Philadelphia City Council candidate floats drone policing program
A proposal for Philadelphia Police to use drones as a crime-fighting tool could face opposition from privacy advocates who view it as an intrusion unlikely to reduce street violence.
Driving the news: At-large City Council candidate and cybersecurity lawyer Jalon Alexander, a Democrat, tells Axios that his drone plan would equip each Philly police district with two patrolling drones, allowing officers to respond to higher-priority calls.
- The plan mirrors a drone-as-first-responder program in Chula Vista, California, that deploys 29 drones seven days a week.
Why it matters: Alexander's public safety proposal differs from anything put forth by other candidates on a key city issue while campaigning for Council’s at-large seats.
Flashback: Then-Councilmember David Oh, a Republican now running for mayor, first raised the possibility of using drones to fight crime in 2016, but then-police commissioner Richard Ross wasn't interested.
- Two years later, the department adopted a drone policy establishing that it would only use drones in search-and-rescue missions, SWAT situations, for crowd monitoring and control and to photograph accident and crime scenes, in order to safeguard residents' civil liberties.
State of play: Philly Police declined to tell Axios how many drones it has, and how often any drone has been deployed.
- However, a spokesperson for the Federal Aviation Administration, which regulates drone use, told Axios that Philly Police has a single drone registered with the agency.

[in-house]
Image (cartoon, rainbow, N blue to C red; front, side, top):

Zoom in: Alexander's proposal would expand the city's drone program. He calls for a 10-person team to pilot and monitor 42 drones that would respond to shootings, carjackings, high-speed pursuits and other violent crimes.
- Once a drone gets eyes on a crime scene, it would send information back to dispatchers and could keep track of possible suspects as officers mobilize. Alexander says the approach could improve response times. And it could also address quality-of-life issues, such as illegal dumping.
Alexander's cost estimate for the program: $3 million.
The big picture: About 1,200 police departments across the U.S. use drones in some capacity, including in Beverly Hills, California, and in Washington state, according to Electronic Frontier Foundation, a digital privacy advocacy group.
- Chula Vista has the nation’s longest-running drone-as-first responder program, often touted as a case study for the benefits of drone policing.
- The department’s public stats show most calls handled by drones in 2022 were for incidents including disturbances, psychological evaluations and welfare checks, freeing up officers to respond to more pressing calls.
Yes, but: Researchers haven't studied whether drones lead to less crime, according to MIT Tech Review.
Zoom out: Amid concerns about privacy issues, some states have enacted laws to reign in drone use and surveillance tactics because of a “growing concern for mission creep,” Mary Fan, a law professor and information privacy expert at the University of Washington, tells Axios.
- She pointed to a 2021 appeals court ruling that found a Baltimore aerial surveillance system deployed to try to reduce homicides was an unconstitutional intrusion of privacy as it tracked citizens’ movement throughout the day.
What they’re saying: Philadelphia Black Lives Matter activist Asa Khalif calls Alexander’s proposal an “outlandish” attempt to grab headlines in a crowded at-large Council race. He worries that drone policing could hurt historically over-policed communities of color.
- “We need a comprehensive plan, not just a quick fix,” he says.
The other side: Drones could reduce instances of racial discrimination, Alexander says, arguing that drones wouldn't be more intrusive than cameras already installed around the city.
- “Drones see crime, not color,” he said.
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